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Should you (maybe, just maybe) have bought RIM shares yesterday?

These are stories Report on Business is following Friday, Feb. 1, 2013.

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RIM up in pre-market
After the rout of the past five days, it's worth asking whether investors should take a chance on Research In Motion Ltd.

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Just to be clear, I'm not saying anyone should. I don't give stock advice. I'm just raising the question amid suggestions from some analysts that the current weakness may be an opportunity. Because at some point soon, RIM's new BlackBerry 10 offerings are going to hit the U.S. market, the apparent source of the current unease.

As The Globe and Mail's Iain Marlow reports, analysts suggest caution amid the later-than-expected launch in the United States, where RIM hopes to make huge strides with its Z10 touchscreen model and, later, the keyboard-equipped Q10.

Last week, RIM shares were above $18 on the Toronto Stock Exchange. By yesterday's close, they were at $12.92, having tumbled fast, notably after Wednesday's launch of BB10 and even in the face of some glowing reviews for the new models.

Today, it closed up by less than 1 per cent, having pulled back from higher, earlier gains.

The new BlackBerrys went on sale yesterday in Britain, and they'll be in Canada beginning next Tuesday. But they won't be in the United States until March.

Some analysts, such as Peter Misek of Jefferies and Co., have recommended buying RIM shares earlier rather than later, because while BB10 sales projections are now lower for the current quarter, they could well be higher for the next. Mr. Misek today reaffirmed his share price target of $19.50 (U.S.) and his "buy" recommendation.

He's not alone, though not all analysts feel the same way, some urging caution.

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Mr. Misek says the March launch in the United States shouldn't surprise anything, even though it did, and that the "upside is underappreciated" for the next two quarters.

He also thinks that the market is "too pessimistic" where the next quarter's concerned given the "high carrier support" for BB10.

He also has higher hopes for RIM's BlackBerry Mobile Fusion, and the possibility of licensing the new operating system.

U.S. jobs picture brightens
The U.S. recovery is "humming along," as one economist put it after today's key jobs report.

The U.S. economy created a modest 157,000 jobs in January, according to the Labor Department, while the unemployment rate inched up to 7.9 per cent.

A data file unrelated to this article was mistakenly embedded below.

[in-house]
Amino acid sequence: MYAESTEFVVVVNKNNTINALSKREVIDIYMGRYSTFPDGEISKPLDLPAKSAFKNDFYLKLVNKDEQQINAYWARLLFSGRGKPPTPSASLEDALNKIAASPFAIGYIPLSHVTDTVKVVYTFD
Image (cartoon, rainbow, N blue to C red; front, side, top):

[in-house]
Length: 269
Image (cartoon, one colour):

But, notably, numbers for other months were revised, showing more jobs than originally believed.

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In fact, job creation last year averaged more than 180,000 a month, compared to some 150,000 in the earlier readings, 2.2 million jobs over all compared to the 1.8 million initially reported.

Employment is now 2.5 per cent below the peak prior to the financial crisis.

November and December showed much better revisions than the original reports, with December coming in at almost 200,000 jobs.

"After revisions, payrolls growth averaging +203,000 over the past three months, which seems pretty darn healthy," U.S. economist Justin Wolfers said via Twitter. "This recovery is humming along."

Barrick eyes unit sale
Barrick Gold Corp. is considering the sale of its energy unit as the world's largest gold miner continues a radical revamp of capital spending and corporate strategy to deal with massive cost over-runs at a flagship project in the southern Andes, The Globe and Mail's Pav Jordan reports.

"Barrick is currently evaluating opportunities to optimize the company's global portfolio as part of a disciplined capital allocation framework introduced in 2012," said spokesman Andy Lloyd.

Toronto-based Barrick has been on a mission to turn realign its fortunes since last June.

Domtar profit sinks
Domtar Corp.'s fourth-quarter profit fell sharply on weak pulp and paper prices and higher energy and fibre costs, The Globe and Mail's Bertrand Marotte reports.

The Montreal-based forestry products company earned $19-million or 54 cents per share for the three months ended Dec. 31, 2012, down from $61-million or $1.63 a year earlier.

Fourth-quarter sales came in at $1.32-billion, down from $1.36-billion.

"The down cycle in pulp prices contributed to the majority of the decline in Domtar's earnings," said chief executive officer John Williams.

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